Edward IV Memorabilia on eBay

Edward IV and Elizabeth Woodville : A True Romance by Amy Lice...

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Edward IV & Elizabeth Woodville: A True Romance by Amy Licence...

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Edward IV (Reputations) by Hicks, Michael

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Vintage Postcard GT-4 Astronaut Edward H. White Gemini-IV

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Updated: 09/28/2013, JoHarrington
 
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Veronica on 06/14/2015

I think it's more likely that Edward had George murdered because of his behaviour to his workers and tenants such as Ankarette Twynho or because George suspected that Edward's marriage to Elizabeth Woodville may be invalid.

JoHarrington on 10/10/2013

George, Duke of Clarence, was doing a little more than spreading rumors about Edward's illegitimacy. Though the time to have him executed wasn't then, but earlier, when he led an army against his brother. (Not that I'm advocating the death penalty.)

The queen has repeatedly refused to have any of the various Princes in the Tower bones checked for DNA. Now, more than ever, with Richard identified, we could know for sure.

Rose on 10/09/2013

I think Edward IV was illegitimate. He actually went to the lengths of KILLING his brother (or half-brother) George, for challenging him, which is an extraordinary length to go to scotch a mere rumour, if that's what it was.

When Richard III's body was found, the University of Leicester applied for permission to test his DNA against the bones of the two princes in the tower (two small skeletons was found in the Tower in the 17thC and were re-buried in Westminster Abbey). If they were really descended from Richard of York, their Y chromosones would be identical to Richard III's. Elizabeth II refused permission for the DNA testing - which is telling.

JoHarrington on 09/25/2013

You know, I knew each of those individually, but I'd never seen them all together. That really is quite strange, isn't it? That's every single royal house since the conqueror coming through the female line.

frankbeswick on 09/25/2013

Strangely, inheritance in the UK has run through female lines. Henry the Second inherited through his mother, the empress Maud, the daughter of Henry the First and also heir to Alfred through his wife, Margaret of Scotland, and thus was born the Plantagenet dynasty.

Next Henry Tudor, a usurper with a spurious claim based on a tenuous connection to the house of Lancaster, passed on the stronger claim through his wife. In turn the Tudor inheritance passed through the line of Scotland through Henry's sister, who was married to the king of Scotland, and her granddaughter, Mary, Queen of Scots, who passed it onto James, the first of the Stuart line. This line inherited later on through his descendant, the electress Sophie of Hanover; and one of her descendants, Victoria, passed the claim onto the present line, whose heirs, Charles and William, have their claim through their mother, Elizabeth. We have male primogeniture interrupted by female inheritance at key points.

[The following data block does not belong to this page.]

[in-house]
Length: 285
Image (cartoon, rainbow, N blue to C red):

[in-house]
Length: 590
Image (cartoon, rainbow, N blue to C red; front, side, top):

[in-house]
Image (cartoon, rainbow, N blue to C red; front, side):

Interestingly, if you ask the names of our most popular monarchs, after Alfred, whom the present lot would rather forget, we have Elizabeth the First and Second and Victoria. Our kings have never been loved as much as our queens.

JoHarrington on 09/24/2013

Aguasilver - Me write an historical novel? You can't believe how tempting that idea is. I may take you up on it.

cmoneyspinner - I'm sure that an Irish person has spoken like that at some point in history. At least while putting on a funny accent. :p But thank you. <3

cmoneyspinner on 09/24/2013

Nay lassie! My flattery be naught but the truth!

That's probably an Irish accent, isn't it? :)

aguasilver on 09/24/2013

There is a Cornwell (Harlequin/cant remember the second one and Heretic) trilogy that whilst not describing THAT archers story, does provide much good info on what an archers life would have been during the period, my suggestion was that YOU write a fictionalized account of how these events could have taken place.... intrigue, passion, treachery, warfare and skulduggery, what more could we ask for!

JoHarrington on 09/24/2013

Wow! Loads of comments. I'm glad that you all enjoyed the Medieval gossip!

Aguasilver - I didn't know that Bernard Cornwell had written a novel based on the archer's side of the story. I'll have to look out for that. Thanks!

Jenny - Frank has explained this perfectly. Thanks, Frank!

Thamisgith - LOL True story.

Cmoneyspinner - Awww! You flatter me too much. <3

Frank - But Sophie could only claim because she was a Stuart. The Stuarts could only claim England too because of Margaret Tudor. So it all comes back to whether Henry Tudor ruled through right of conquest (which he did) or through the royal blood of his wife, Elizabeth of York (which he didn't and in case that that's now suspect, as Edward IV was her dad).

frankbeswick on 09/24/2013

The claim to the throne depends upon the settlement at the glorious revolution of 1688, when parliament settled the throne on the descendants of the electress Sophie of Hanover, so she is monarch of England and Wales through constitutional settlement.. However, the British monarch is separately monarch of England/Wales/Northern Ireland and Scotland. The present monarch inherits Scotland's crown by descent from the Stuart kings of Scotland through the house of Hanover, who descend from the Stuarts, all Catholic Stuarts having been disinherited by act of parliament. The British monarch is separately Lord of Man [the Isle of Man] which she inherits through the Scottish line, and is duchess of Normandy, the remnants of which duchy are the Channel Islands, whose inhabitants hail her as duchess rather than queen.